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Phlebotomist obsessed with blood stabbed Ex to “surprise” new boyfriend

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Julia Enright acted out the bizarre ideas she had written about in her journal. Enright was convicted in March of this year, and the family of her victim spoke out about how his horrible death had tormented them.

Working as a phlebotomist in a clinical laboratory meant Julia Enright wasn’t afraid of touching blood. Even in her private life, Enright was fascinated with blood.

In fact, her obsession was becoming uncontrollably out of hand.

In 2018, the 21-year-old would work during the day and then work as a dominatrix at night, promoting herself as Mistress Jasmine on business cards. Enright was a fan of BDSM and freely claimed that “blood play” was a part of her sex life.

She fashioned art out of animal bones and kept animals in jars, known as “wet specimens,” as well as vials of blood, at her house in Ashburnham, Massachusetts.

Phlebotomist obsessed with blood stabbed Ex to
Phlebotomist obsessed with blood stabbed Ex to “surprise” new boyfriend

Enright had met Brandon Chicklis while riding the bus two years prior while attending a vocational technical high school. They dated for a while despite their vast differences.

Brandon, a former boy scout, was thoughtful and nice. He was also noted for his eccentricity and crazy chuckle. Perhaps the couple bonded because they were both outsiders.

They’d have sex in her neighbor’s treehouse, which Enright had secured with handcuffs. However, by 2018, they had broken up and were only friends.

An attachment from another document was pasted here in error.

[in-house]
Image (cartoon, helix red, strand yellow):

Brandon found a new girlfriend as Enright began seeing Jonathan Lind. He worked as a heating specialist and hoped to one day open his own company.

Brandon’s family then reported him missing on June 24. He’d said he was going to see a relative the day before but never showed up. He had been looking forward to turning 21, and his disappearance was unusual.

A week later, his abandoned Honda was discovered at a grocery store.

A jogger discovered a body left on the side of a highway in Rindge, New Hampshire, close across the state boundary from Massachusetts, a week later.

It was Brandon. He’d been stabbed a dozen times, and his body had been wrapped in a blanket, tarpaulin, and sheet before being packed into two duct-taped garbage bags. His shirt had 12 slits, despite the fact that his body was badly decayed.

Investigators examined Brandon’s phone records and discovered that his phone was connected to Enright’s address on the day he vanished. She’d invited him to come to see her and instructed him to keep their encounter “secret.”